Are rewards in heaven based on “works” in life?
It is interesting that rewards are already “on the eternal shelf” and waiting for us to secure them. Paul states in Ephesians 1:3, “Blessed be the God and Father of our Lord Jesus Christ, who has blessed us with every spiritual blessing in the heavenly places in Christ.” The phrase, “has blessed us” grammatically occurs before the action of the main verb, which is found in Ephesians 1:4, “just as He chose us in Him before the foundation of the world.” The main verb occurred in eternity past as God’s sovereign choice of the believer. Therefore, the blessings were set aside on the eternal shelf BEFORE God chose the person. Those blessings are just waiting to be given to the believer who accomplishes divine works.
There are two kinds of works. There are human and divine works. Human works may be good for humanity, but are worthless for eternity sake. Divine works are always good for earthly and eternal value. What is the difference between human and divine works and how do these relate to eternal rewards?
Paul makes it clear that we are not saved by works, but after salvation, God designed us for works,
8 For by grace you have been saved through faith, and that not of yourselves; it is the gift of God,
9 not of works, lest anyone should boast.
10 For we are His workmanship, created in Christ Jesus for good works, which God prepared beforehand that we should walk in them. (Eph. 2:8-10)
Paul clearly states that salvation is a gift from God (Eph. 2:8), which is not based on works or what man can become related to goodness or character. On the one hand, because of the sin nature inherited at physical birth (Rom. 5:12), man can never be good enough to be accepted by God on his own merits. On the other hand, man can never do enough good works in order to please God. There are not enough good works a man can do to offset the sin he inherits at physical birth and the sins which are seen in his experience. God will allow no boasting in heaven. Only Jesus is righteous before God.
There are only two kinds of religions in the world. One that is based on “do,” that is, what man must “do.” All the religions of the world fit into this category from Islam, Hinduism, Shintoism, Animism, etc. The other religion is based on “done,” that is, what Jesus has “done” for us on the cross. Salvation is a gift received by faith alone in Christ alone. God accepts no human works for salvation – only faith.
Yet, after salvation God designed believers for good works. Paul uses the word “workmanship,” which literally is a word from which we get “poem.” God wrote the poem of our lives such that we are prepared from eternity past to walk in good works.
Paul makes the distinction between human and divine works in Scripture. He writes,
11 For no other foundation can anyone lay than that which is laid, which is Jesus Christ.
12 Now if anyone builds on this foundation with gold, silver, precious stones, wood, hay, straw,
13 each one’s work will become clear; for the Day will declare it, because it will be revealed by fire; and the fire will test each one’s work, of what sort it is.
14 If anyone’s work which he has built on it endures, he will receive a reward.
15 If anyone’s work is burned, he will suffer loss; but he himself will be saved, yet so as through fire.
16 Do you not know that you are the temple of God and that the Spirit of God dwells in you? (1 Cor. 3:11-16)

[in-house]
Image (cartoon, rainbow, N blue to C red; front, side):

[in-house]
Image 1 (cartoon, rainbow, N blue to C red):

The foundation is the basis upon what a believer builds for the sake of the kingdom. The foundation is Jesus Christ. Then Paul distinguishes between two kinds of works. One category is “gold, silver, precious stones”and the other is “wood, hay, straw.” Both are produced in man. What is the difference? Paul explains that in the passage. They will be “revealed by fire.” How does fire distinguish between the two types of works? The first category is purified and remains through the fire, while the second category burns up and results in ashes. The first category is divine works, while the second category is human works. What is the difference?
The first category of divine works is work that God works through the believer by means of the Holy Spirit. Just like there is intrinsic value in gold and silver, there is intrinsic value of the work, because it is done by the Holy Spirit. The second category is work that the believer does on his own power, independent of the Holy Spirit. There is no intrinsic value. In fact, Scripture calls this kind of work “filthy rags” as in Isaiah 64:6, “And all our righteousnesses are like filthy rags.” The best of what we can do, on our own, is filthy rags, or literally “menstrual rags,” which means there is a deadness to the works.
The divine work has intrinsic value because it is work done by the power of the Holy Spirit under the direction of the Lord Jesus Christ. Paul states, “I can do all things through Christ who strengthens me.” (Phil. 4:13) Paul further states this power is unleashed in the Christian under the direction of Jesus and empowered by the Holy Spirit, “and what is the exceeding greatness of His power toward us who believe, according to the working of His mighty power.” (Eph. 1:19) His mighty power is unleashed by means of the Holy Spirit.
Paul uses the description of the Holy Spirit’s power in the spiritual consequences of trusting the Lord in hope, “Now may the God of hope fill you with all joy and peace in believing, that you may abound in hope by the power of the Holy Spirit. (Rom. 15:13) Titus (Titus 2:7, 14; 3:8, 14) exhorts believers to good works and the word for good is kalos, which means “good of intrinsic value.” That can only be accomplished by the Holy Spirit.
Works of the Holy Spirit are rewarded as blessing in time and rewards in eternity. Time on earth is the only time to establish rewards for eternity. Let us depend on the Holy Spirit and let Him move through us to accomplish His good work!